This edited book investigates the interrelations of disaster impacts, resilience and security in an urban context. Urban as a term captures megacities, cities, and generally, human settlements, that are characterised by concentration of quantifiable and non-quantifiable subjects, objects and value attributions to them. The scope is to narrow down resilience from an all-encompassing concept to applied ways of scientifically attempting to 'measure' this type of disaster related resilience. 28 chapters in this book reflect opportunities and doubts of the disaster risk science community regarding this 'measurability'. Therefore, examples utilising both quantitative and qualitative approaches are juxtaposed. This book concentrates on features that are distinct characteristics of resilience, how they can be measured and in what sense they are different to vulnerability and risk parameters. Case studies in 11 countries either use a hypothetical pre-event estimation of resilience or are addressing a 'revealed resilience' evident and documented after an event. Such information can be helpful to identify benchmarks or margins of impact magnitudes and related recovery times, volumes and qualities of affected populations and infrastructure.
In text and photographs, Reinhart examines the 1988 Yellowstone fires and their aftermath: smoke-shrouded skies, flaming forests, and fireballs that have been replaced by wildflowers, aspen stands, and rare Bicknell's geraniums. Reinhart also explores what the answers are to the burning questions of 1988: Would fire kill Yellowstone's forests? Would wildlife populations recover? Would Yellowstone itself recover?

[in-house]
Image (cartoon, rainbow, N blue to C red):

This is a unique, timely and engaging text with wide ranging geographical coverage. The text brings together, for the first time, information about a vast array of hazards associated with ice and snow, spanning both well known phenomenon (e.g. avalanches) and the less familiar (e.g. river ice jams and ice storms) using, in many cases, material which is rarely seen outside advanced academic research books and journals. The range of ice-related hazards will be introduced and the significance of the current global warming context discussed. Broad physical models of glacial, periglacial and atmospheric cold environments are presented to provide a scientific context for discussion of the human issues of risk, vulnerability impact and mitigation. Key Features: * Wide ranging geographical coverage (the Americas, Asia, Australasia, Antarctic & Europe) * Localised hazards (avalanches, life storms, landslides) contrasted to those with wider reaching effects (arctic ice loss, ice sheet retreat and wide spread permafrost decay) * Includes the latest developments in the field * Each chapter includes hazards overview, summery, conclusions, potential projects exercise and key references * Includes a supplementary website with figures from the text and further references * Each chapter includes a hazards overview, summary, conclusions, potential projects exercise and key references